October 3, 2013 Our Catholic Faith, Sunday Sermons Comments Off on God Is Always Faithful
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He has made promises to us and He will remain faithful to what He has promised. On one hand, this seems so obvious because He is God and, therefore, He cannot change. But on the other hand, to know that there is someone who does not change, someone who is a Rock, someone who is always faithful is mind boggling to us. … Continue Reading

Christ’s Temptations In The Desert

October 3, 2013 Our Catholic Faith Comments Off on Christ’s Temptations In The Desert

As recounted in the Gospel of Matthew, “Jesus was led up by the Spirit into the wilderness to be tempted by the devil. And He fasted forty days and forty nights, and afterward He was hungry” (Matt. 4:1–2). In other words, led by the Holy Spirit, Christ withdraws to the desert for a time of spiritual preparation and renewal for the work of His messianic mission. He rigorously fasts and prays for forty days and then, in a weakened state, allows Himself to be tempted by the evil one.
Before analyzing the temptations of Jesus, at least two questions come to mind. First, is it significant that the time of preparation was forty days; secondly, how is it possible that the Son of God, true God and true man, could be subject to temptation? The number forty is symbolic in Sacred Scripture as a period of probation and testing. The Chosen People wandered in the wilderness for forty years as a time of testing (see Deut. 8:2) after the crossing of the Red Sea (which itself is a figure or type of Baptism). Moses was on Mt. Sinai “with the Lord forty days and forty nights; he neither ate bread nor drank water” when obtaining the Ten Commandments (see Exodus 34:28). The prophet Elijah, strengthened by food and drink provided by an angel of God, was able to journey forty days and forty nights to Mount Horeb (see 1 Kings 19:8).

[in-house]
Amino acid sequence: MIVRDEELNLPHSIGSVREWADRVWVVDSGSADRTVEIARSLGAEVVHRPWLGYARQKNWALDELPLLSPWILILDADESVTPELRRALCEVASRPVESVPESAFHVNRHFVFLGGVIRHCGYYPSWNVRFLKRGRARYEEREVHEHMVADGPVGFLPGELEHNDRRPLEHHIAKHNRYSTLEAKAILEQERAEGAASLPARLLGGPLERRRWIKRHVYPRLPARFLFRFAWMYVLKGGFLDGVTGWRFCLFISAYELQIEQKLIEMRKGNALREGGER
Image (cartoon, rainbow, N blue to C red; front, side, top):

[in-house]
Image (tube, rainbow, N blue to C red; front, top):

Further Old Testament parallels can be identified: the duration of the Great Flood during the time of Noah was forty days and forty nights (see Gen. 7:4, 17); the length of time for the twelve spies sent by Moses to reconnoiter the land of Canaan was forty days (see Num. 14:34); the people of Israel were subject to the Philistines for forty years after doing what was evil in the sight of the Lord (see Judges 13:1); and the Ninevites were given forty days to repent following the preaching of the prophet Jonah (see Jonah 3:4).